|Cascade Falls, Mission. Left: low clarity Right: high clarity|
If you have never been to Cascade falls it is well worth the trip. The round trip to the site really only takes fifteen minutes or so, and the trail is well established. No mud and little in the way of foot entanglements. The area is cordoned off so that anyone attempting to access the river will be thwarted by well maintained chain link fences. Only those willing to scurry over or under them can make it there; the slope and river itself is very dangerous and staying on the walkway is highly recommended.
I got off a number of shots. The above one was taken with a Panasonic bridge camera with an ISO of 80, a shutter speed of 1/25th of a second and an aperture of f/2.8. The wet weather produced a low contrast scene. I typically use a RAW camera setting and did so here as well. I post processed in Photoshop CS 6.
If you look carefully at both images you will notice that they are, in fact, one and the same. The same file was used to produce both images. The difference between them is that the left one had a clarity setting of around -35 and the right one had a setting of around +18. Mid-tone contrast, also called clarity, is a setting which alters the contrast of middle-value tones. There are typically three tone ranges. Highlights are the brighter values, shadows are darker values, and mid-tone are the values in between.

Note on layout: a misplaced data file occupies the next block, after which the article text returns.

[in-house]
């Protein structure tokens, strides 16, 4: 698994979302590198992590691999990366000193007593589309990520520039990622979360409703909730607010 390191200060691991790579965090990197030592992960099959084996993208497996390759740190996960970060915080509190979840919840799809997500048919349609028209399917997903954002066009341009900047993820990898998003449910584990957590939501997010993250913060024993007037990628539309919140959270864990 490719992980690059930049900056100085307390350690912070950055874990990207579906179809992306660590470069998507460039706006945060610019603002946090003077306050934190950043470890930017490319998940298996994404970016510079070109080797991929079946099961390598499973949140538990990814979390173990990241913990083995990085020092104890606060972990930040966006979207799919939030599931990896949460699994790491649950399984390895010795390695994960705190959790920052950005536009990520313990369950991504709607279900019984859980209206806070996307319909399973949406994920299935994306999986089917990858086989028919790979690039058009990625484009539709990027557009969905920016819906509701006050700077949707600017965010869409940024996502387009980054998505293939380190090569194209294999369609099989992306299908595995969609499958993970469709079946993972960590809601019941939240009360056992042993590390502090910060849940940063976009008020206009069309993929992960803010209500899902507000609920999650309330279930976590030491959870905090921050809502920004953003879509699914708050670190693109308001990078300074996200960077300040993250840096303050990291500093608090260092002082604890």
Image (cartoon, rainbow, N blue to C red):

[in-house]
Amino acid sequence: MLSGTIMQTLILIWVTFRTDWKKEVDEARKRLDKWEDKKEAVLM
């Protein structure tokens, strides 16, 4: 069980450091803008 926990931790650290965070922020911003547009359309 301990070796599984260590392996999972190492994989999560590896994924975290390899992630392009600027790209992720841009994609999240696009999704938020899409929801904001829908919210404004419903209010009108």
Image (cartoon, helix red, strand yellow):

Altering mid-tone contrast has a number of benefits. Lowering it gives the image a decidedly softer feel. I use low values in portraits and in places where I want to take the harshness off surfaces and edges. In places where the scene would benefit from better definition and distinctive surfaces I use positive values. Look at the waterfalls carefully. You will notice the left one is much softer and the water appears almost misty. The right one appears more like a thunderous avalanche of water. I prefer the left one.
Not all editing programs offer the ability to change mid-tone contrast. Photoshop and Elements both have it. If this is a feature that is important to you, consider looking to see if what you have, or hope to acquire, does.
Thanks for reading. www.ericspix.com